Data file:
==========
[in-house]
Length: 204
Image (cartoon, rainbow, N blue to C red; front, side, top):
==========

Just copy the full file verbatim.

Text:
[in-house]
Length: 204
Image (cartoon, rainbow, N blue to C red; front, side, top):